Used Car Prices Up as New Car Sales Sour
Oct 2, 2009
As Jim Henry has recently pointed out on BNET Autos, after the lift from the federal Cash for Clunkers program car sales are going sour again. General Motors posted a 45 percent year-to-year retreat in September, and Chrysler dropped 42 percent. Only Ford, which has the best new products, is showing relative strength—a mere five percent decline. And Ford’s third quarter sales actually rose five percent—the company’s first quarterly increase since 2005.
Ken Czubay, a vice president of sales, praised Ford’s “strong lineup of high-quality fuel-efficient products, frankly the freshest product line in the industry….Instead of leaving us vulnerable to the peaks and valleys and dramatic segment shifts in the industry in the third quarter, our broad balanced product line delivered sales and share gains from all corners.”
Among foreign automakers, the Korean twins Hyundai and Kia posted 27.2 and 24.4 percent sales, and BMW saw a 3.6 percent jump. Japanese car sales are still reeling (Honda was down 20 percent, for example), suggesting that as Korea and China climb, the Japanese economic miracle is definitely tarnished.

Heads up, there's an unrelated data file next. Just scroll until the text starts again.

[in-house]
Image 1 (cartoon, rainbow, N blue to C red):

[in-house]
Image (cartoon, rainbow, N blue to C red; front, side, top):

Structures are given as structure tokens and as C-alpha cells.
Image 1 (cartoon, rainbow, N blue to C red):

But one car sales niche is showing strength—used vehicles. As Joseph White notes in the Wall Street Journal September 30, Americans are getting used to tightening their belts, and that means they’re buying older cars. The phenomenon has actually pushed up used car prices—the Mannheim Used Vehicle Value Index is likely to hit a record later this month, says chief economist Thomas Webb.
It’s instructive to look at the performance of CarMax, the largest U.S. retailer of used cars in the U.S. with 100 superstores around the country. As the company was reporting six percent higher previously owned car prices (and this is one one area where people are still buying gas guzzlers), it was also proclaiming its seven-fold increase in net income for the second quarter ending August 31. Earnings went to $103 million, or 46 cents a share, compared to $14 million, or six cents a share, last year. Sales were up 13 percent to $2.08 billion.
Analysts, said Reuters, had expected the company to report 18 cents a share earnings on revenues of $1.77 billion. Needless to say, this set off a rise in CarMax’s share price. Cash for Clunkers got some shoppers into dealer doors in the quarter, and the company said, “While customer traffic in the second quarter remained slightly below the prior year level, it has steadily strengthened throughout the first half of the current fiscal year.”